Neurotoxicity Research

, Volume 17, Issue 2, pp 130–141

Valproic Acid is Neuroprotective in the Rotenone Rat Model of Parkinson’s Disease: Involvement of α-Synuclein

  • Barbara Monti
  • Valentina Gatta
  • Francesca Piretti
  • Simonetta S. Raffaelli
  • Marco Virgili
  • Antonio Contestabile
Article

DOI: 10.1007/s12640-009-9090-5

Cite this article as:
Monti, B., Gatta, V., Piretti, F. et al. Neurotox Res (2010) 17: 130. doi:10.1007/s12640-009-9090-5

Abstract

Valproic acid (VPA), an established antiepileptic and antimanic drug, has recently emerged as a promising neuroprotective agent. Among its many cellular targets, VPA has been recently demonstrated to be an effective inhibitor of histone deacetylases. Accordingly, we have adopted a schedule of dietary administration (2% VPA added to the chow) that results in a significant inhibition of histone deacetylase activity and in an increase of histone H3 acetylation in brain tissues of 4 weeks-treated rats. We have tested this schedule of VPA treatment in an animal model of Parkinson’s disease (PD), in which degeneration of nigro-striatal dopaminergic neurons is obtained through sub-chronic administration of the mitochondrial toxin, rotenone, via osmotic mini pumps implanted to rats. The decrease of the dopaminergic marker tyrosine hydroxylase in substantia nigra and striatum caused by 7 days toxin administration was prevented in VPA-fed rats. VPA treatment also significantly counteracted the death of nigral neurons and the 50% drop of striatal dopamine levels caused by rotenone administration. The PD-marker protein α-synuclein decreased, in its native form, in substantia nigra and striatum of rotenone-treated rats, while monoubiquitinated α-synuclein increased in the same regions. VPA treatment counteracted both these α-synuclein alterations. Furthermore, monoubiquitinated α-synuclein increased its localization in nuclei isolated from substantia nigra of rotenone-treated rats, an effect also prevented by VPA treatment. Nuclear localization of α-synuclein has been recently described in some models of PD and its neurodegenerative effect has been ascribed to histone acetylation inhibition. Thus, the ability of VPA to increase histone acetylation is a novel candidate mechanism for its neuroprotective action.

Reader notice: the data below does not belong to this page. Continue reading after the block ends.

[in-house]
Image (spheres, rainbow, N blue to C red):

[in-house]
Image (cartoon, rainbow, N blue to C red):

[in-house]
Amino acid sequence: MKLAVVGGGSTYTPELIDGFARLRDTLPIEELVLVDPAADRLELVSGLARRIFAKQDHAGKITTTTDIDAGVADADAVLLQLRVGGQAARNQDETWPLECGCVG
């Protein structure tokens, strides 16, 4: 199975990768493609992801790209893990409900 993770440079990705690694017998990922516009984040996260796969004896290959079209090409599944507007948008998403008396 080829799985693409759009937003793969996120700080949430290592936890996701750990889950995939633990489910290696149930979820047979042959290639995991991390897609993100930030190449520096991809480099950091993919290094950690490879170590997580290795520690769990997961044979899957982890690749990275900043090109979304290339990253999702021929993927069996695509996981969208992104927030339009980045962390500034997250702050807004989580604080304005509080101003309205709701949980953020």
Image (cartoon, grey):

Keywords

Neurodegeneration Neuroprotection Nigro-striatal neurons Rotenone Valproic acid α-Synuclein 

Abbreviations

VPA

Valproic acid

PD

Parkinson’s disease

TH

Tyrosine hydroxylase

HDAC

Histone deacetylase

MPP+

1-Methyl-phenylpyridinium

6-OHDA

6-Hydrohydopamine

DMSO

Dimethylsulfoxide

PEG

Polyethylene-glycol

DOPAC

Dihydroxyphenyl acetic acid

HVA

Homovanillic acid

Copyright information

© Springer Science+Business Media, LLC 2009

Authors and Affiliations

  • Barbara Monti
    • 1
  • Valentina Gatta
    • 1
  • Francesca Piretti
    • 1
  • Simonetta S. Raffaelli
    • 2
  • Marco Virgili
    • 1
  • Antonio Contestabile
    • 1
  1. 1.Department of BiologyUniversity of BolognaBolognaItaly
  2. 2.Laboratorio Centralizzato, Policlinico S.Orsola-MalpighiBolognaItaly

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